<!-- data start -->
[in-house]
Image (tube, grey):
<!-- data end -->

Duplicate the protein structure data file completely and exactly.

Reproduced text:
[in-house]
Image (tube, grey):